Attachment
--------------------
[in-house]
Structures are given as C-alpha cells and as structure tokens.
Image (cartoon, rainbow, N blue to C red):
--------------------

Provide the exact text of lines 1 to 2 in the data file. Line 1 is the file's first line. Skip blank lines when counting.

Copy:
[in-house]
Structures are given as C-alpha cells and as structure tokens.